- The Washington Times - Tuesday, May 30, 2000

D.C. Council member Kevin Chavous, chairman of the education panel, said he would like to speak with former Milwaukee schools chief Howard Fuller about becoming the District's new superintendent. It's about time the District began considering someone such as Mr. Fuller, a school-choice advocate. But don't get too excited. Mr. Fuller is not the only prospective candidate, and Mr. Chavous does not have carte blanche authority regarding an appointment. Lots of other names and voices are out there, too.
The D.C. Board Education has compiled a list of names and forwarded them to the control board. Those names include Rudy Crew, former New York schools chancellor, and Wilma Bonner and Vera White, two former D.C. principals. Outgoing Superintendent Arlene Ackerman, whose last day on the job is July 17, threw Mr. Crew's name in the mix, too, and thinks highly of Ms. White and Mr. Bonner, who she promoted to assistant superintendent posts. None of the candidates, though, is at the top of the list and no interim superintendent has been named.
To the surprise of absolutely no one who has followed the political whims of D.C. officials, the control board wants to appoint an advisory panel to select a new schools chief, and squabbles have already begun regarding who shall have a seat on that panel. About the only thing officials have pretty much agreed on is that no permanent superintendent will be named until January 2001, when the new school board is seated. At least that is the agreement at this time. The way the city's elected and appointed leaders keep shuffling and reshuffling the school governance deck that timeframe could change anyday now. So stay tuned.
In the meantime, expect the usual cast of D.C. characters to take center stage as they jockey for their respective candidates. Of the names already put forward only three Mr. Fuller, Mr. Crew and Paul Vance, immediate past superintendent in Montgomery County have actually run large school systems. Mr. Vance left in 1998 when his bosses chose not to renew his contract. Ditto for Mr. Crew left the New York City after bickering with the Big Apple's more prominent Rudy, Mayor Rudy Giuliani, over school choice.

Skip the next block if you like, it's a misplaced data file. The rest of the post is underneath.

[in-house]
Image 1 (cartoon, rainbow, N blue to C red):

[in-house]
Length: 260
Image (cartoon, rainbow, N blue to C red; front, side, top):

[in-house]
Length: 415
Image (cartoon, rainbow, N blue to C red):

Of those three former superintendents, however, only Mr. Fuller is a true advocate of school choice. In an article published by the December 1998-January 1999 issue of the Center for Education Reform, Mr. Fuller argued that "choice is not the issue in America. The issue is who has choice." Hear him out.
"While poverty cannot be used for an excuse not to educate our children, you also cannot ignore the impact of not being white, and poor in America. It does have an impact on your life's chances," Mr. Fuller wrote. "Poverty, crime, hunger and gangs are all factors in these children's lives, and those of us who are out here for them have got to fight to deal with those conditions as hard as we fight to deal with those conditions once they get into the (school) building."
There are other important reasons D.C. officials should seriously consider engaging Mr. Fuller, founder of the Institute of the Transformation of Learning at Marquette University. He says the critical links to student achievement are students and teachers, and teachers and teaching. "The most powerful innovations in education must occur in the classroom between teachers and children. Yet in order to be a successful teacher today, you have to break rules to educate children."
Refreshing, is it not, to hear an educator say that and know there is a possibility he may become superintendent of the District long-troubled school system? Now read, for a moment, and compare Mr. Fuller's perspective with that of another prospect. "I oftentimes want to go to the map and cut out Milwaukee. You're causing me pure hell in New York." Mr. Crew, then-chancellor of the New York City school system, made those remarks during a speech at the University of Wisconsin-Milwaukee. They were published in the Oct. 15, 1999, Milwaukee Journal Sentinel.
And this is what Mr. Crew, who heads the University of Washington's Leadership Institute, had to say last week when informed by The Washington Times' Jabeen Bhatti that he was a candidate. "I didn't know anything about being a candidate. The outgoing superintendent put my name into the motion, but I had not heard from the board. … I will do anything I can can to help."
Beware, though. Mr. Crew's idea of "help" and yours probably differ. Before the N.Y. school board gave him his walking papers in January, Mr. Crew's school system was rocked with allegations of inflated enrollment figures to lure more state money and with teachers cheating on standardized tests on behalf of students.
D.C. Public Schools have enough problems of their own, and so do the 70,000 mostly poor, mostly black student who attend them. Yes, they need all the help they can get. Particularly, they need from people like Mr. Fuller to replace the public school monopoly.

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